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Court halts UCC directive to suspend 39 journalists

UCC executive director Godfrey Mutabazi

UCC executive director Godfrey Mutabazi

The High court in Kampala has issued a temporary injunction restraining Uganda Communications Commission (UCC) and its agents from enforcing a directive issued on April 30 to 13 media organizations to suspend at least 39 journalists. 

UCC issued an order to six TV stations; NBS TV, BBS TV, NTV, Bukedde TV, Kingdom TV and Salt TV as well as seven radio stations; Akaboozi,, Beat FM, Capital FM, Pearl FM, Sapientia FM and Radio Simba to suspend the producer, head of news and head of programmes over their coverage of the arrest of Kyadondo East MP Robert Kyagulanyi aka Bobi Wine and the subsequent riots that broke out in parts of Kampala city on April 29.

On Thursday, High court Justice Lydia Mugambe, ruled that UCC's directive was illegal since it contravened with the journalists' rights of freedom of speech, expression, publication among others all enshrined in the Constitution of Uganda.

Mugambe also said that it is unacceptable for security agencies to continue using vague, wild claims of "national security breaches" as a magic word to violate people's rights. Mugambe wondered why UCC didn't report the accused media houses and journalists to police if they violated any law.

Mugambe argued that after UCC issued its directive on April 30, it held a meeting with National Association of Broadcasters (NAB) on May 7, to discuss with them what the directive was all about yet the court proceedings had commenced on May 2.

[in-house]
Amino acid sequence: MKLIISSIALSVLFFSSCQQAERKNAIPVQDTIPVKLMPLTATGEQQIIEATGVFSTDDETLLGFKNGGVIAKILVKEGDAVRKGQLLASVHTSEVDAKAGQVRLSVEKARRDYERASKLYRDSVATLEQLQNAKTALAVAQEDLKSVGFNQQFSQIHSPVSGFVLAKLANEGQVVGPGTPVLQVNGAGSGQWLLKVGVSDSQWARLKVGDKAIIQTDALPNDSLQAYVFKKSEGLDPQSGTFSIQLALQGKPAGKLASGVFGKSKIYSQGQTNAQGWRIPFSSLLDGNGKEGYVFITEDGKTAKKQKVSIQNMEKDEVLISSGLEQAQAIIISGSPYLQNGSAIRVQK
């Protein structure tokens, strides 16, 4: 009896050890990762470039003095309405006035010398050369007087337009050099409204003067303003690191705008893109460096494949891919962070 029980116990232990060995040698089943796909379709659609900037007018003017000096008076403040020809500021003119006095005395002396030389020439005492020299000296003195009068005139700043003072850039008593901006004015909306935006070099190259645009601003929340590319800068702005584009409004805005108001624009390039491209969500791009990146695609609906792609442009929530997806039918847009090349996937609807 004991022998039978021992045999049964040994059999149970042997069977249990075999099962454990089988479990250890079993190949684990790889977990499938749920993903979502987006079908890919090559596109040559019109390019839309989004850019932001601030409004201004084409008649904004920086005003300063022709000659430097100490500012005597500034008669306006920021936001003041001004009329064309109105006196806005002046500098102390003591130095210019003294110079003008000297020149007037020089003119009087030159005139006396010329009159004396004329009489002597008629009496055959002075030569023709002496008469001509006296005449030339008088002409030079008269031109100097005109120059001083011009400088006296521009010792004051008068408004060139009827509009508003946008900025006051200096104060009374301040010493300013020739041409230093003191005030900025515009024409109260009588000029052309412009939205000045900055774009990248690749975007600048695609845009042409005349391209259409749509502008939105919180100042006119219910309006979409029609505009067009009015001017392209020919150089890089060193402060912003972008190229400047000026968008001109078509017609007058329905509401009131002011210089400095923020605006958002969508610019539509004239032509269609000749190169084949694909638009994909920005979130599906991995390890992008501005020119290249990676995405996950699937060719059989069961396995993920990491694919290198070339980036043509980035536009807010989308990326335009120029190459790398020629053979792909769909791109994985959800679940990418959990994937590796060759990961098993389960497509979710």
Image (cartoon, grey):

Mugambe has now issued an interim order pending the disposal of the main application for judicial review filed by Uganda Journalists Association (UJA) and their lawyers Henry Byansi and Ronald Bwire against UCC.

UCC was dragged to court in two separate suits filed by UJA and lawyers Byansi and Bwire who argued that the directive to media houses to immediately suspend 39 journalists pending conclusion of the investigations was an infringement on the constitutional rights of the journalists. 

The Commission had in its April 30 directive, demanded that within three days from the date when it was issued, the media houses  submit to them the names, particulars and qualifications of the subject office holders.

It also demanded that within three days the media houses submit the recordings of all live programs and news bulletins aired on the April 29. However, the journalists through their umbrella Association, UJA demanded an interim order stopping UCC from implementing the directive. 

UCC through its lawyer Abdul Salaam Waiswa objected arguing that by granting the said order, its powers to regulate the media houses will have been reduced. Waiswa that as of now they will go with what court has determined until the main case is determined. 

The journalists who were at court welcomed the ruling saying it has been long overdue.

© 2016 Observer Media Ltd